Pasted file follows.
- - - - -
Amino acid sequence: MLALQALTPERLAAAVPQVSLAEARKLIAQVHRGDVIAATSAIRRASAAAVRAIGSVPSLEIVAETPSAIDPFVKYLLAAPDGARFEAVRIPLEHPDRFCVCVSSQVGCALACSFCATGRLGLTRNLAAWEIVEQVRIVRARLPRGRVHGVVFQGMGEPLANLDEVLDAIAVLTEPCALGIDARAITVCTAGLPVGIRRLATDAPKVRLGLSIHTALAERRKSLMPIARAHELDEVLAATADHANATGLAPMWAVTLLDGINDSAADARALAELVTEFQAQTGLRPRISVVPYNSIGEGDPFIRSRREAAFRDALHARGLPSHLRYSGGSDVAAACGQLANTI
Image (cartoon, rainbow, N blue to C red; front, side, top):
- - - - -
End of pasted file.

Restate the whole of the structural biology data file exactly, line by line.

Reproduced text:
Amino acid sequence: MLALQALTPERLAAAVPQVSLAEARKLIAQVHRGDVIAATSAIRRASAAAVRAIGSVPSLEIVAETPSAIDPFVKYLLAAPDGARFEAVRIPLEHPDRFCVCVSSQVGCALACSFCATGRLGLTRNLAAWEIVEQVRIVRARLPRGRVHGVVFQGMGEPLANLDEVLDAIAVLTEPCALGIDARAITVCTAGLPVGIRRLATDAPKVRLGLSIHTALAERRKSLMPIARAHELDEVLAATADHANATGLAPMWAVTLLDGINDSAADARALAELVTEFQAQTGLRPRISVVPYNSIGEGDPFIRSRREAAFRDALHARGLPSHLRYSGGSDVAAACGQLANTI
Image (cartoon, rainbow, N blue to C red; front, side, top):